New Delhi: UAE’s state-owned small arms firm Caracal said it is bringing its entire portfolio of products under the ‘Make in India’ initiative as the country stepped up diplomatic efforts to salvage an Army contract for over 93,000 close quarter battle rifles (carbines).
Although the Army contract won was under Fast Track Procurement (FTP), the deal is yet to be inked. The defence ministry had in September taken an in-principle decision to scrap the contract in favour of making such rifles in India rather than procuring them from abroad.
“After being declared as the lowest bidder (L1) in 2018, we remain committed towards this contract. We have seen that this is not the first time that Indian Defence Ministry is taking time to finalise the contract after an L1 has been declared,” CEO of Caracal, Hamad Salem Al Ameri told ThePrint in an interview.
He added that Caracal is “counting on the relationship between two governments”.
Underlining that the contract was “still alive”, Al Ameri said, “So far we feel very positive about the contract. Yes, this is our first entry into the Indian market. We knew it would take time to get this through, The offer and contract is still alive. Officially, everything is still on in the right direction”.
He added that relations between the UAE and India is much much bigger than this contract and that “a lot of defence and security cooperation is on”.
In September, the UAE ambassador to India met with Chief of Defence Staff General Bipin Rawat to discuss the contract just days after ThePrint reported India’s in-principle decision to cancel it.
The UAE also pushed for the deal during the recent visit of External Affairs Minister S. Jaishankar to the country.
Meanwhile, the delivery of 72,400 American SiG 716 G2 battle rifles, which was agreed upon at the same time that Caracal won the bid in 2018, has been completed and the Indian Army has moved ahead with a follow-up order.
“The Indian government knows how seriously we are committed to ‘Make in India’. While we have won the FTP contract because we were L1, we were also the L2 in the other contract (battle rifles). We are the only company that passed the testing of both calibers. They got one contract but they failed in the other one even when it is coming from the same family of small arms,” Al Ameri said.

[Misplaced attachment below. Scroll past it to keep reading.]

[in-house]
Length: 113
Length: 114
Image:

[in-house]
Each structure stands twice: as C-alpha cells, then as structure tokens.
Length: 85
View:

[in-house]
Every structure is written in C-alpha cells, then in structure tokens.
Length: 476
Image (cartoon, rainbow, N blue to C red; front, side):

Talking about future plans, the Caracal CEO said the Indian Army has an overall demand of 3.5 lakh carbines and hence the firm has already identified a local partner and is pushing ahead with ‘Make in India’.
“We did not wait for the contract. We have believed in ‘Make in India’ from the start itself because the size of the Indian market deserves a proper ‘Make in India’. We are steps ahead and (have) identified suppliers who can at present make 60 per cent of the rifle parts locally,” he said.
This 60 per cent covers a lot of parts, said Al Ameri. “There are more than 108 parts to the rifle. Some are polymer, some are steel, and different kinds of steel. You will also have accessories, like sights, bayonets and cleaning kits. We have identified local suppliers.”
The CEO said that the company will soon announce its main Indian partner “which is one of the biggest defence groups in India with reputation and history”.
A ‘Make in India’ portfolio
Al Ameri said Caracal was part of UAE’s Edge group that has 25 plus companies in the defence sector.
“We have sister companies that can provide full solutions as a defence group. This is what Caracal brings to table. This is an important relationship. Caracal International has more than 17 products. We are looking for other proposals in the Indian market,” he said, adding that they will be participating in the home ministry’s upcoming contract for 9mm pistols and for the Army’s tender for sniper rifles.
“The potential is really high. We will be bringing a full portfolio of small arms under Make in India,” he said, adding that the company will also set up a maintenance facility.
“As we are a government company, we have a strategic vision. We don’t sell parts and disappear. We sell equipment and maintenance plans which is very important.”
The Caracal CEO said the idea was to not just supply but export from India. “We want to get Caracal India to have lots of parts of good quality and cheaper. This will enrich Caracal International. We are definitely looking into that. We are looking at Caracal India to supply to Caracal International and that will make Caracal more competitive. That is why we have identified local suppliers.”
Underlining that today Caracal has subsidiaries in five continents and is one of the most spread small arms companies in the world, Al Ameri said, “One usually has a partner which makes pistols, sniper or assault rifles. We bring the full package, that will be Make in India.”
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